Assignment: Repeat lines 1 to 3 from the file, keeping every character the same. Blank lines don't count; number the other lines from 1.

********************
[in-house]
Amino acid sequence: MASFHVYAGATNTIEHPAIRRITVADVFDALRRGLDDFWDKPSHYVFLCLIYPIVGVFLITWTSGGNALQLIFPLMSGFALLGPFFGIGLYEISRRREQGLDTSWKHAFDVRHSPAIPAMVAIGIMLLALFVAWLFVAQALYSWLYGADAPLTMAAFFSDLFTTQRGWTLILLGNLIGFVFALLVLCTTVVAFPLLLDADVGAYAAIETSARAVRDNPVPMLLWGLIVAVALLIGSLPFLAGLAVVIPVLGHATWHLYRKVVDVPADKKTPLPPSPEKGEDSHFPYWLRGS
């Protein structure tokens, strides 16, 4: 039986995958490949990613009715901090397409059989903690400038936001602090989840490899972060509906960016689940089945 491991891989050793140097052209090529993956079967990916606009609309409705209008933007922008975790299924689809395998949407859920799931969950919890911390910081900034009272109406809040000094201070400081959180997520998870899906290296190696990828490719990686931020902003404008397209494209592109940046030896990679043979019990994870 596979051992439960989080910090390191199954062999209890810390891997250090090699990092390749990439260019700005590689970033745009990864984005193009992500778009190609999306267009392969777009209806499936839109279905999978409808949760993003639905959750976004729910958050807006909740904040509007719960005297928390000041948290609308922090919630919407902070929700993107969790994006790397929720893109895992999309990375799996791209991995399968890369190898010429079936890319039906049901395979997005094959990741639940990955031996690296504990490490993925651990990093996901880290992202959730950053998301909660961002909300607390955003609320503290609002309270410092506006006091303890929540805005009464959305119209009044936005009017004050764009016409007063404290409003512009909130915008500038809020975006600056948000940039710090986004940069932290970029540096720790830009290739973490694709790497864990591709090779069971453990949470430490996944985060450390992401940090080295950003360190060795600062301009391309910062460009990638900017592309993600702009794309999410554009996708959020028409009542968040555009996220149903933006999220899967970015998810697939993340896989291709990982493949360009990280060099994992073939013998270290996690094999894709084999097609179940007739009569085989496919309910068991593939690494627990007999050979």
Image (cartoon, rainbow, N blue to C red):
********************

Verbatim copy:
[in-house]
Amino acid sequence: MASFHVYAGATNTIEHPAIRRITVADVFDALRRGLDDFWDKPSHYVFLCLIYPIVGVFLITWTSGGNALQLIFPLMSGFALLGPFFGIGLYEISRRREQGLDTSWKHAFDVRHSPAIPAMVAIGIMLLALFVAWLFVAQALYSWLYGADAPLTMAAFFSDLFTTQRGWTLILLGNLIGFVFALLVLCTTVVAFPLLLDADVGAYAAIETSARAVRDNPVPMLLWGLIVAVALLIGSLPFLAGLAVVIPVLGHATWHLYRKVVDVPADKKTPLPPSPEKGEDSHFPYWLRGS
């Protein structure tokens, strides 16, 4: 039986995958490949990613009715901090397409059989903690400038936001602090989840490899972060509906960016689940089945 491991891989050793140097052209090529993956079967990916606009609309409705209008933007922008975790299924689809395998949407859920799931969950919890911390910081900034009272109406809040000094201070400081959180997520998870899906290296190696990828490719990686931020902003404008397209494209592109940046030896990679043979019990994870 596979051992439960989080910090390191199954062999209890810390891997250090090699990092390749990439260019700005590689970033745009990864984005193009992500778009190609999306267009392969777009209806499936839109279905999978409808949760993003639905959750976004729910958050807006909740904040509007719960005297928390000041948290609308922090919630919407902070929700993107969790994006790397929720893109895992999309990375799996791209991995399968890369190898010429079936890319039906049901395979997005094959990741639940990955031996690296504990490490993925651990990093996901880290992202959730950053998301909660961002909300607390955003609320503290609002309270410092506006006091303890929540805005009464959305119209009044936005009017004050764009016409007063404290409003512009909130915008500038809020975006600056948000940039710090986004940069932290970029540096720790830009290739973490694709790497864990591709090779069971453990949470430490996944985060450390992401940090080295950003360190060795600062301009391309910062460009990638900017592309993600702009794309999410554009996708959020028409009542968040555009996220149903933006999220899967970015998810697939993340896989291709990982493949360009990280060099994992073939013998270290996690094999894709084999097609179940007739009569085989496919309910068991593939690494627990007999050979």